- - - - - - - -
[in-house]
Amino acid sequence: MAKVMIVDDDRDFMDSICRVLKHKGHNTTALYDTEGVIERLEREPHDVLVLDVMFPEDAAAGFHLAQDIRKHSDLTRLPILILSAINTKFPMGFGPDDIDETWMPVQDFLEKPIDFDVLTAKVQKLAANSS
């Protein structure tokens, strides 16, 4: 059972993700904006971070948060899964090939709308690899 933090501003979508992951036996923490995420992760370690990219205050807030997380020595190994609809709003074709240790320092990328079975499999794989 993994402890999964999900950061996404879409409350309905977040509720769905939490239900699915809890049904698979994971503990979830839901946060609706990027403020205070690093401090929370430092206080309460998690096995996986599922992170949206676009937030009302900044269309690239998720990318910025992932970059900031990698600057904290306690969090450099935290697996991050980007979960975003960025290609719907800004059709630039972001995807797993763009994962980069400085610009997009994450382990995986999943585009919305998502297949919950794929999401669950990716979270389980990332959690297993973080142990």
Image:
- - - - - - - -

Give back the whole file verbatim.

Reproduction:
[in-house]
Amino acid sequence: MAKVMIVDDDRDFMDSICRVLKHKGHNTTALYDTEGVIERLEREPHDVLVLDVMFPEDAAAGFHLAQDIRKHSDLTRLPILILSAINTKFPMGFGPDDIDETWMPVQDFLEKPIDFDVLTAKVQKLAANSS
């Protein structure tokens, strides 16, 4: 059972993700904006971070948060899964090939709308690899 933090501003979508992951036996923490995420992760370690990219205050807030997380020595190994609809709003074709240790320092990328079975499999794989 993994402890999964999900950061996404879409409350309905977040509720769905939490239900699915809890049904698979994971503990979830839901946060609706990027403020205070690093401090929370430092206080309460998690096995996986599922992170949206676009937030009302900044269309690239998720990318910025992932970059900031990698600057904290306690969090450099935290697996991050980007979960975003960025290609719907800004059709630039972001995807797993763009994962980069400085610009997009994450382990995986999943585009919305998502297949919950794929999401669950990716979270389980990332959690297993973080142990």
Image: